The Trump administration faced tough questioning from a panel of the 9th U.S. Circuit Court of Appeals for the second time in four months as it defended its revised executive order on immigration.
In an hour-long hearing Monday in Seattle, Trump’s past statements took the center stage once again, as three judges — all appointees of former President Bill Clinton — repeatedly pressed acting U.S. Solicitor General Jeffrey Wall on whether the travel ban is really the “Muslim ban” that the president pushed during the campaign.
Judge Ronald Gould noted, “The executive order sets out national security justifications. But how is a court to know whether in fact it’s a ‘Muslim ban’ in the guise of national security justification?”
Wall urged Gould to ignore campaign statements and focus instead on the wording of the revised order. “The order on its face doesn’t have anything to do with religion. And its operation doesn’t have anything to do with religion,” he said.
Monday’s hearing came exactly two months after a federal judge in Honolulu blocked key parts of the travel ban — one provision that suspends refugee resettlements, as well as sections that temporarily halt the issuance of new visas to citizens of the Muslim-majority countries Iran, Libya, Somalia, Sudan, Syria and Yemen.
Drawing on past statements by Trump and his aides, U.S. District Court Judge Derrick Watson ruled that the revised order amounts to religious discrimination — a step toward the “total and complete shutdown of Muslims entering the United States” that Trump promised on the campaign trail.
But Wall argued that the judges shouldn’t be conducting a “wide ranging inquiry into subjective motivation” of Trump, pointing out that a U.S. Supreme Court precedent instructs them not to second-guess the executive branch’s “facially legitimate and bona fide” immigration decisions.
Still, Wall acknowledged that the judges could take into account the context surrounding the travel ban if they find that Trump is acting on “bad faith.”
But such a finding, Wall said, would be “a remarkable holding” that will “require the strongest, clearest affirmative showing” that the revised order is a pretext for religious discrimination.
“I just don’t think the plaintiffs have put together the kind of record,” Wall said.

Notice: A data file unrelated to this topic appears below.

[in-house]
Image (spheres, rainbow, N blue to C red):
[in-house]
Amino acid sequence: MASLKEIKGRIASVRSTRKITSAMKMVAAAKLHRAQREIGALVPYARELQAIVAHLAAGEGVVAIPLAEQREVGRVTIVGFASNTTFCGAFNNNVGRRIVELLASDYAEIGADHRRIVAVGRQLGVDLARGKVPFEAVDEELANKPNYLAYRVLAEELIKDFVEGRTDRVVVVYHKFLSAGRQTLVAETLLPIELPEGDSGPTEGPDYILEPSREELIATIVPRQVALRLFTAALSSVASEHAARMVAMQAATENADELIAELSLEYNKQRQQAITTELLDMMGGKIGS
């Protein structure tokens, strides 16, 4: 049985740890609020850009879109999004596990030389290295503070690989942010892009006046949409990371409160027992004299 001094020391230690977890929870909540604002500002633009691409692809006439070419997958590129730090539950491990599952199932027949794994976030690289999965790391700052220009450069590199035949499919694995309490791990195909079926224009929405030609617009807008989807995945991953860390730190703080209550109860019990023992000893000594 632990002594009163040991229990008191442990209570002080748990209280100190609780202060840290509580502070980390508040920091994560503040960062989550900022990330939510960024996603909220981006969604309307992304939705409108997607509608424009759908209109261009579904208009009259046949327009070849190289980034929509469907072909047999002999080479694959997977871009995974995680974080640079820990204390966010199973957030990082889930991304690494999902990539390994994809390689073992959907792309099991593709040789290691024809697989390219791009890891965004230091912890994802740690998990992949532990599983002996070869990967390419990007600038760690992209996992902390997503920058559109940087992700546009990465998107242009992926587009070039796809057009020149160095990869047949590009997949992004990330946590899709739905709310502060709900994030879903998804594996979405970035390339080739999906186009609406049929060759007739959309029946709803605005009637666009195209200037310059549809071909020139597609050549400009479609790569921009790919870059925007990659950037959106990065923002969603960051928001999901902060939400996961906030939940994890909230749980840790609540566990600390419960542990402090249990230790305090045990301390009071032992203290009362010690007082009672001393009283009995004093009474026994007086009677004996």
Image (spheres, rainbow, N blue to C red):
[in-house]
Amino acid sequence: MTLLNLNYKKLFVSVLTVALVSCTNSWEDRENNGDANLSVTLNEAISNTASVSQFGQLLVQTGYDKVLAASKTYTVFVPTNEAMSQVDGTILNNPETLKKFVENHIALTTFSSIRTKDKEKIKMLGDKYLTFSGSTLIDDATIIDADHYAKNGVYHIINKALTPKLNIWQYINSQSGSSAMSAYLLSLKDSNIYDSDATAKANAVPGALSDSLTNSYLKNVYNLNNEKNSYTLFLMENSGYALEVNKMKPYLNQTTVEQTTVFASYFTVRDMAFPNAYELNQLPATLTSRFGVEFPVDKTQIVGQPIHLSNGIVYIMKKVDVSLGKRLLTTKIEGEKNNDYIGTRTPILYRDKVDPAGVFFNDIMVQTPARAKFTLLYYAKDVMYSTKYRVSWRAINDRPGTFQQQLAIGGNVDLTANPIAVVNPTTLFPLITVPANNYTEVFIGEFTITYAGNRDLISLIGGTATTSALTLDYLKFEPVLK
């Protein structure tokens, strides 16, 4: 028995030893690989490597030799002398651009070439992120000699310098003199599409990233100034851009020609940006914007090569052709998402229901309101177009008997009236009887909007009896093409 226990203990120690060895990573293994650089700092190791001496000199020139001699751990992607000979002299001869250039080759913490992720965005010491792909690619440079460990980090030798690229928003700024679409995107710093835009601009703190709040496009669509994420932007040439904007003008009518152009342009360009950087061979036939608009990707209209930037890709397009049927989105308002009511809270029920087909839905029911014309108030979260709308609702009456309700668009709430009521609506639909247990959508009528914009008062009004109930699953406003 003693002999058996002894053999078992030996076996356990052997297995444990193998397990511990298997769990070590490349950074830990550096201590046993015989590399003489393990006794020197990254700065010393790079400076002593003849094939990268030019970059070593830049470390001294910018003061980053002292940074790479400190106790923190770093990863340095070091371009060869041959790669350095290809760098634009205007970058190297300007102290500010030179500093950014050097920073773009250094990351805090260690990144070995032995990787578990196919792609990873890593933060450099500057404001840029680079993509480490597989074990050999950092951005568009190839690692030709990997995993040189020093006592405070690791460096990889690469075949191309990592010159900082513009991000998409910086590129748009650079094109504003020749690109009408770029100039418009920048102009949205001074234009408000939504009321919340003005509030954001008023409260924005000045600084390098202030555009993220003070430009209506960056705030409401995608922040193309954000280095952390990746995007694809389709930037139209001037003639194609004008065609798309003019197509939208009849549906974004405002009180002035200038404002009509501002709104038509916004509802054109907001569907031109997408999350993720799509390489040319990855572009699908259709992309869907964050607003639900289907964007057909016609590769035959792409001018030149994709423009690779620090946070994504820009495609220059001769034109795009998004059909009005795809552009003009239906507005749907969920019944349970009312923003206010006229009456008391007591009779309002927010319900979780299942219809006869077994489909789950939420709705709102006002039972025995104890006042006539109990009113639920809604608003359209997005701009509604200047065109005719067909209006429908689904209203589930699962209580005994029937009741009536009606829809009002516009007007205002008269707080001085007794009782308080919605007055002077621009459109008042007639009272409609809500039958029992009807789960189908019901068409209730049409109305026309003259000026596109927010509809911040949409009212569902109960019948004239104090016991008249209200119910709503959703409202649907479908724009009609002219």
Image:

Judge Richard Paez appeared skeptical, asking how Wall’s legal analysis squares with Korematsu v. United States — referring to the case in which the Supreme Court upheld President Franklin Roosevelt’s executive order that led to the internment of Japanese-Americans during World War II.
“Would the Korematsu executive order pass muster under your argument?” Paez asked. “There was no reference to the Japanese in that executive order, but look what happened.”
“This case is not Korematsu,” Wall said. “If it were, I would not be standing here, and the United States would not be defending it.”
But Judge Michael Daly Hawkins asked Wall whether Trump had even bothered to disavow his inflammatory rhetoric against Muslims.
Wall responded that Trump had. “Over time,” he said, “the president clarified that what he was talking about were Islamic terrorist groups and the countries that shelter or sponsor them.”
Neal Katyal, a lead attorney for Hawaii, pointed out that Wall could only cite an evolution of Trump’s rhetoric, rather than any explicit renunciation of his calls for a “Muslim ban.”
“He could not actually point to any disavowal,” Katyal said, “because the truth is, there is no such statement.”
Katyal, who served as acting solicitor general under former President Barack Obama, also argued that the judges have to perform no “psychoanalysis” of Trump to see that “this is a repeated pattern of the president.”
The judges, Katyal said, only need to ask a simple question: “Is this executive order, viewed from the standpoint of an objective observer, an establishment of a disfavored religion — Islam?” Katyal argued that the answer is a resounding yes.
In response, Judge Richard Paez asked: “Does that mean the president is forever barred from issuing an executive order along these lines?”
Katyal responded that Trump could remedy his “taint” by taking a number of actions, including working with Congress to enact new measures.
“He can do a lot of things,” Katyal said. “I’m not trying to micromanage the president, but he could say, like President (George W.) Bush did right after the Sept. 11 (attacks): ‘The face of terror is not the true faith of Islam. That’s not what Islam is about. Islam is peace.'”
“Instead, we get, ‘Islam hates us. I think Islam hates us,'” Katyal said.
Siding with Hawaii, he said, means maintaining the status quo that “existed for decades,” including all presidential powers and “every decision every president has made in our lifetime.”
Ruling otherwise, on the other hand, will mean, “you defer to the president in a way history teaches us is very dangerous. You open the door to so much,” Katyal said. “Our constitution and laws are better than this.”
It’s unclear when the judges will issue a ruling. Even if they side with the Trump administration, the travel ban will not automatically go into effect.
In a parallel case, the 4th U.S. Circuit Court of Appeals is weighing whether to uphold an injunction issued in Maryland. It’s also possible that other judges could step in to block the revised order. A judge in Washington, D.C., for instance, indicated last week that she was ready to block the travel ban but delayed her decision pending rulings in the appeals courts.
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